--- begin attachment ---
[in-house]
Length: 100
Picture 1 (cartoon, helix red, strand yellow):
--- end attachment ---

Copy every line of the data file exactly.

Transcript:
[in-house]
Length: 100
Picture 1 (cartoon, helix red, strand yellow):